For well over a decade now, whenever the words ‘Live at Leeds’ were uttered, you’d be instantly transported into the basements and back rooms of Leeds’ finest venues, with a selection of new music’s most promising new names. However, it’s in 2022 that things are a little different; for the first time, the festival has been split in two, with the first, aptly-titled In The Park event happening - you guessed it! - in nearby Temple Newsam park to kick off festival season proper.
Embracing more of a traditional green field festival set-up, the day gets off to a boisterous start, with the Isle of Wight’s Lauran Hibberd bringing her pop punk-infused offerings to the MTV Main Stage. Dressed completely in bright orange, she provides a zesty burst of energy so early in the day, before the more psych-imbued stylings of Alfie Templeman take over. Airing cuts from his recently-released debut ‘Mellow Moon’ - including opener ‘A Western’ and the sugary sweet ‘Candyfloss’ - his set veers deliciously through his funk-tinged indie rock.
Over at (ahem, our stage - Ed) the DIY Big Top, things are getting that bit more explosive as Brighton’s Dream Wife take to the stage. Seemingly harnessing the more unhinged side of their talents, there’s something wildly invigorating about their set today; whether in Rakel Mjöll’s unnerving 180 swing from eyelash-fluttering to scorched screaming, or Alice Go’s tremendous guitar skills, the trio are a force to be reckoned with; a feat still best personified by their glorious (and newly-extended) rendition of ‘F.U.U.’.
It’s quite a contrast, then, to see Holly Humberstone take to the MTV Main Stage and offer up her more introspective brand of electro-pop. And even though she still seems to be building her confidence in her between-song patter, the haunting quality of tracks like ‘Deep End’, ‘London is Lonely’ and recent Matty Healy collab ‘Sleep Tight’ shines through perfectly. Admittedly confidence is no issue for Sports Team, who - let’s face it - are in their element during festival season. Even an awkward journey from stage to barrier won’t hold back Alex Rice, who’s determined to make it down and to the audience from the off. With the crowd echoing back ‘Camel Crew’ and ‘M5’ - even new album cut ‘The Game’ has a fair chunk of the crowd singing along - it’s little wonder as to why they’re so at home on stages like this.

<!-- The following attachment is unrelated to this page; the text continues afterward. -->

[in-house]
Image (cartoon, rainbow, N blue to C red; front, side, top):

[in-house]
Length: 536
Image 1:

Back at the DIY Big Top and the tent is already packing out for Arlo Parks, who’s greeted with a true hero’s welcome. What’s more, her set this evening takes tracks from her gorgeous Mercury Prize-winning debut ‘Collapsed In Sunbeams’ and transforms them into a collection of restorative anthems. Bubbling with energy, Arlo is backed by full band who together have given the whole set a more jazzed up feel, and she looks truly in her element. It’s a pleasure to witness.
To say that The Vaccines are festival pros may be stating the obvious, but as the quintet embark on what’s arguably a greatest hits blitz through their back catalogue, it’s easy to see why they’re such mainstays on bills like today’s. Their brand of raucous rock and roll is the perfect tonic for the Leeds crowd, who take little time to get into the singalong mood, while frontman Justin Young - complete with a cheeky sparkle in his eye - is the perfect conductor.
Rounding off the evening, punters are given two choices: either the classic nostalgia-tinged indie rock of Bombay Bicycle Club, or the laidback retro pop of Easy Life. The former are experts in the kind of arms-aloft, euphoria that’s perfect to close a festival - set opener ‘Eat, Sleep, Wake (Nothing But You)’ sparkles as the sun goes down - while the cheeky charm of Murray Matravers et al is hard to resist, especially when the band arrive dressed in double denim suits and ties, and command the crowd to ignore security and climb atop each other’s shoulders. Whatever the choice, one thing’s clear by the end of this inaugural Live at Leeds in the Park: if today’s sets are anything to go by, it’s going to be one hell of a summer - and we’ve never been more ready for it.
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